MADISON, Wis. — The goal for dairy farmers is to produce the optimal amount of milk based on their facilities.

One of the concerns for dairymen is forage availability, said Mike Hutjens, University of Illinois professor of animal sciences emeritus.

“The availability is a little better than last year,” he said.

In addition to the drought of 2012 that reduced forage production, in April 2013, Hutjens said, there were nearly 2 million acres of alfalfa that were damaged by winterkill.

“At meetings held in Wisconsin back in June, farmers were saying they planned to chop corn silage in July because they would be out of corn silage,” he said during a seminar held at the World Dairy Expo.

Forage quality also may be a challenge for dairymen.

“From samples at Rock River Labs, the NDF is up 2 to 3 units, which is a pretty scary number,” the professor said. “That says the alfalfa we have may not be the quality we’re expecting.”

The corn silage samples so far have been fairly typical, Hutjens said.

“The protein is down a little bit,” he said. “But the starch may be 10, 20 or 30 percent depending on where the crop was grown.”

It is important for every dairyman to know if they have enough forage inventory for the herd.

“You need about 7 tons of dry matter per cow to get through until a year from now,” Hutjens said. “Fall oats were a big ticket item last year. Producers planted them in late August and cut them in late October.”

Feeding straw or cornstalks are additional options for dairymen to stretch their forage inventory.

“You may want to look at treating the cornstalks with calcium oxide,” the professor said. “It chemically reacts with the fiber and makes it more digestible, but be careful because if the calcium is not uniformly mixed with water, the stalks will catch fire.”

Hutjens stressed the importance of never sacrificing milk production.

For example, high producing cows can convert one pound of dry matter to two pounds of milk. With feed costs at 12 cents per pound of dry matter and the milk price at 20 cents per pound, the profit is an additional 38 cents per day for every additional pound of dry matter consumed, he said.

In addition, Hutjens said, milk components can further boost the milk price.

“For the U of I herd, our butterfat test was 3.9 percent, so that’s 22 cents more; the protein is 3.1 percent, that’s 33 cents; the milk quality premium is 83 cents; and no rBST is 59 cents,” he said. “I’ve got nearly $2 lying on the table.”

Hutjens is a big fan of calculating the feed efficiency for dairy herds, and his goal is for herds to hit 1.6.

“Most of you are between 1.4 and 1.5, but if you do not have a number go home and calculate it,” he said. “The feed efficiency is the pounds of 3.5 milk divided by the pounds of dry matter consumed.”

The feed efficiency indicates how efficient cows can take a ration and convert it to milk.

“It is a tremendously powerful number,” Hutjens said.

Some dairymen may feed less alfalfa this year due to higher prices and add corn silage or byproduct feeds into the ration.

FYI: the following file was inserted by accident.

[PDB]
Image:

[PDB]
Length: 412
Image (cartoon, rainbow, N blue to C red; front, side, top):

For corn silage, dairymen can use a kernel processing score to evaluate their feed.

“If your score is adequate and you go to excellent, there’s two pounds more milk,” Hutjens said. “Or if you do a poor job, you will loose two pounds of milk, so that’s four pounds of milk lying on the table if the processor is doing its thing.”

Another option is to harvest shredlage.

“This is a different technology that really smashes the corn kernels, and it has a longer length of chop at 1 to 1.25 inches,” the professor said.

To determine the best feed buys, Hutjens recommends dairymen use FeedVal 2012.

“This free program is great because it ranks feeds on cost and you pick from the 13 different nutrients like crude protein, energy, or starch,” he said. “You might run this program for heifers and high string cows because they have different requirements.”

Dairymen can input their own alfalfa quality and corn silage quality.

“It can be very specific to your operation,” the professor said. “It says corn at $6.50 per bushel is still a good buy based on energy, starch and fat, corn silage is a good buy at $50 per ton and straw at $120 per ton.”

Hutjens encouraged dairymen to take advantage of free feed.

“With poor management of bunkers and piles the forage feed loss can be from 5 to 35 percent, concentrate losses can range from 2 to 10 percent and you can loose 5 to 10 percent of byproducts,” he said. “That’s feed you bought, raised and cut and never gets into a cow.”

The professor recommends the use of silage inoculants because they can result in a 3-percent improvement in dry matter recovery for corn silage and a 2-percent increase in digestibility.

“You get those improvements because you don’t loose some of the fermentable carbohydrates,” he said.

“The dry matter and nutrients saved are worth $3 for every $1 invested,” he added. “If you put it through a high producing cow, it’s 8 to 1.”

Using an oxygen barrier covering like SiloStop, Hutjens said, “is a no-brainer” because it reduces oxygen penetration.

“A covering will reduce dry matter loss in the top 1 to 2 feet of silage by 50 percent,” he said. “There will be a 2 to 5 percent savings in the total amount of dry matter in the bunker.”